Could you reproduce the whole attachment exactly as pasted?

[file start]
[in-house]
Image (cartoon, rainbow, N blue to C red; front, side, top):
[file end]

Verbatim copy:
[in-house]
Image (cartoon, rainbow, N blue to C red; front, side, top):